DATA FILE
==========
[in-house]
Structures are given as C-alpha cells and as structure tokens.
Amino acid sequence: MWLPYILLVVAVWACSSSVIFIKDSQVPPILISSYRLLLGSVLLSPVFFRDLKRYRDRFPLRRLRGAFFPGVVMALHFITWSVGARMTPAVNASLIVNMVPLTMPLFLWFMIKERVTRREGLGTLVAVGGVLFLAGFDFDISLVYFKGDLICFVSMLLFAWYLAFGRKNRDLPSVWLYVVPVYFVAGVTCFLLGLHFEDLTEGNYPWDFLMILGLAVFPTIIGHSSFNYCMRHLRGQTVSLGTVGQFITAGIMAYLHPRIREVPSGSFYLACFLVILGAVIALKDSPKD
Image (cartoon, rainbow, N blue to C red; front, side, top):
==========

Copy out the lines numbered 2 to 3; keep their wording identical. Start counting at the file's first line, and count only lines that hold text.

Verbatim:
Structures are given as C-alpha cells and as structure tokens.
Amino acid sequence: MWLPYILLVVAVWACSSSVIFIKDSQVPPILISSYRLLLGSVLLSPVFFRDLKRYRDRFPLRRLRGAFFPGVVMALHFITWSVGARMTPAVNASLIVNMVPLTMPLFLWFMIKERVTRREGLGTLVAVGGVLFLAGFDFDISLVYFKGDLICFVSMLLFAWYLAFGRKNRDLPSVWLYVVPVYFVAGVTCFLLGLHFEDLTEGNYPWDFLMILGLAVFPTIIGHSSFNYCMRHLRGQTVSLGTVGQFITAGIMAYLHPRIREVPSGSFYLACFLVILGAVIALKDSPKD